Opinion: Obamania MMXII: Live!

Brian Reimer

Brian Reimer

Brian Reimer is a senior anthropology major and columnist for the Daily Kent Stater. Contact him at [email protected].

It’s hard to deny Barack Obama’s immense celebrity. When the president strutted down the walkway toward his podium Wednesday, the noise level in the M.A.C. Center made me think the Beatles had reunited. Obama was in his element. The president strives on his star power.

Waiting in line for hours during torrential downpours makes you really consider why you’re not curled up in a warm bed. However, it seemed like everyone was dead set on the objective at hand. While it wasn’t golf weather, it could have been worse—this is northeast Ohio, anyway. Over the course of the afternoon, people began to make friends with the group around them, which made time go by a little faster. Overall, waiting in line was a very positive and very wet experience.

However, one thing I did notice while standing in line was the throng of iPad and iPhone users walking along the line, presumably taking video. What possible purpose could your home videos have? Is your mom or best friend from home really that interested in a mundane long line? And another thing: If you’re using your iPad camera in a public place, sorry, but you’re doing it wrong. Not only is the camera on the iPad absolutely atrocious, but you look really silly, too.

I found great humor in the painful buildup to the president’s speech. It was like the world’s most disappointing game of musical chairs that was set to an awful soundtrack. Every time someone would speak or there was a pause in the deplorable melodies of the past decade, the entire crowd leapt to its feet for the chance to catch the first glimpse of the commander-in-chief, only to be disappointed by another terrible song.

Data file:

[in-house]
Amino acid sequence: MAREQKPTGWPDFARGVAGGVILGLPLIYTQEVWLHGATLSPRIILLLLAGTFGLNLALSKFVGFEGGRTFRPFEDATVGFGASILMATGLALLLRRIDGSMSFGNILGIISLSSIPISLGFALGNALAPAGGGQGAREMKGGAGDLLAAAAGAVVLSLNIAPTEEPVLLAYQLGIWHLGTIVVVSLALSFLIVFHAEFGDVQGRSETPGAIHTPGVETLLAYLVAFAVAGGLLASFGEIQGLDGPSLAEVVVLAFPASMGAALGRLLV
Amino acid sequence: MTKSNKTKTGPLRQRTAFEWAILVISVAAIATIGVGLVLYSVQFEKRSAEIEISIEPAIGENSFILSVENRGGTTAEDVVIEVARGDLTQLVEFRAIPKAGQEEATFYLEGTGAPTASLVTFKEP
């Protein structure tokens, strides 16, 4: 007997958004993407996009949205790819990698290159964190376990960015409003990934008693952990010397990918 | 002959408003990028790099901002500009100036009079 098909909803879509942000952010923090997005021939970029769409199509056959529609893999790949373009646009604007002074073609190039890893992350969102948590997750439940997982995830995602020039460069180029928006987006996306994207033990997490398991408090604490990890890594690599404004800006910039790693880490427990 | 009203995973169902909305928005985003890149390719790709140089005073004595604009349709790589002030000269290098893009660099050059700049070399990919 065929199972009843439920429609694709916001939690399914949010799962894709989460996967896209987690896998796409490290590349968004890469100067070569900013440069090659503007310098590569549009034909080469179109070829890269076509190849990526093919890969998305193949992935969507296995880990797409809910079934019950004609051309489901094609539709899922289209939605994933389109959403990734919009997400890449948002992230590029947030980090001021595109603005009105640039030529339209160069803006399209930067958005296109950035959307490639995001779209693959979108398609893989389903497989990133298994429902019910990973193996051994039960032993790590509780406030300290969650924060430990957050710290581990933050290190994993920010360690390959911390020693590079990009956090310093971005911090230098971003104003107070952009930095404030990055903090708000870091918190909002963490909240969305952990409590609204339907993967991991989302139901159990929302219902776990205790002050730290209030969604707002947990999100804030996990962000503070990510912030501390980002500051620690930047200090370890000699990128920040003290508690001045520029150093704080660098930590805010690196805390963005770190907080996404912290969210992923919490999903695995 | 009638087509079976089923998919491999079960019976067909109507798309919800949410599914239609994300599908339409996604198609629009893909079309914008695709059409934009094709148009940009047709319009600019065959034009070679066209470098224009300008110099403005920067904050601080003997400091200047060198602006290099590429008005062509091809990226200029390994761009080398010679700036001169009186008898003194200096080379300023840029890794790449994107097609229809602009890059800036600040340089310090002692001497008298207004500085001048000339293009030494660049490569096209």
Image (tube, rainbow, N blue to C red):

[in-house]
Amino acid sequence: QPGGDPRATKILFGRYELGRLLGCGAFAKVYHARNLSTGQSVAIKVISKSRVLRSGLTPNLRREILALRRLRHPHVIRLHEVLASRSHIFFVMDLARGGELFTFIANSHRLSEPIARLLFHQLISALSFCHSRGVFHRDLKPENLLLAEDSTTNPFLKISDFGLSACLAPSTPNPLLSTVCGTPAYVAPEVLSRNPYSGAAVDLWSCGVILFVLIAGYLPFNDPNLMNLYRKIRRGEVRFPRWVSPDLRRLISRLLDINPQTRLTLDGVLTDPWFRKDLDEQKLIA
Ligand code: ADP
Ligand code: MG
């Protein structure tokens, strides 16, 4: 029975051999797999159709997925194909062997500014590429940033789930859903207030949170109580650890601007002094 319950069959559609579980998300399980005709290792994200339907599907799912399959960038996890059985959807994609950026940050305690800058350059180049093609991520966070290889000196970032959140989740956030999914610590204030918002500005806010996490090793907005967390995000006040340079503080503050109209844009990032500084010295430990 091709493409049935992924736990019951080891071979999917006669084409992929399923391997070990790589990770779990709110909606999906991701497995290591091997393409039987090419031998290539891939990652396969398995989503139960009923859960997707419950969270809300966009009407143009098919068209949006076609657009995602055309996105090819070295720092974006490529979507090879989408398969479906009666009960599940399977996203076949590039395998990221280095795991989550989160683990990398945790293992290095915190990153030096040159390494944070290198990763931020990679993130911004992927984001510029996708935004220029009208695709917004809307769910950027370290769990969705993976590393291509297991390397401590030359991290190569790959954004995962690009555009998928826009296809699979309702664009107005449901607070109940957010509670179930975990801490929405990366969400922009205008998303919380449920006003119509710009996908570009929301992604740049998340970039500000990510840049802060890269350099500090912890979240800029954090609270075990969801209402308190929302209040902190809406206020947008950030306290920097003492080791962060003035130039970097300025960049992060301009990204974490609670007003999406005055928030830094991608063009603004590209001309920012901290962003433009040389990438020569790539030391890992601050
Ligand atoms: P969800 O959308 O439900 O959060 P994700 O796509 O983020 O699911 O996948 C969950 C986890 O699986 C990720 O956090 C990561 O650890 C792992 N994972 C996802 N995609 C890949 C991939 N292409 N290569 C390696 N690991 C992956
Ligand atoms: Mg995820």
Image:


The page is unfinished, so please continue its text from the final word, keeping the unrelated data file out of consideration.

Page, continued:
When the president finally made his appearance to the crowd, something very interesting happened. Nearly every hand in the crowd held a smartphone or camera phone with the intent to digitally capture a lifelong memory. Obama visiting campus Wednesday highlights the dramatic shift in the prevailing cultural zeitgeist. From the first speculations of the visit last week to extensive Facebook status updates, tweets and countless Instagram photos, it has become obvious how much of our lives are actually lived in two worlds.

It seems that the Obama campaign is worlds ahead of Mitt Romney’s on the Internet and in social media. While Obama has masterfully orchestrated a wide-reaching social networking movement, a trickle of mostly angry, middle-aged trolls represents the Romney campaign online.

It has become important for any politician to note the significance things like smartphones and the Internet have become in the lives of many. In the 2008 election, access to smartphones and social media were limited to mostly youth on the bleeding edge. As a result, both the Obama and McCain campaigns had very weak online showings. Now that these technologies have been widely accepted by nearly all demographics, politicians should move their campaigns from traditional media.

The 2016 election could be the first technocentric one in the history of the United States. The impact of social media on our culture and democracy has only recently become apparent, and it will be interesting to see the extent of technology’s influence on all other parts of American life.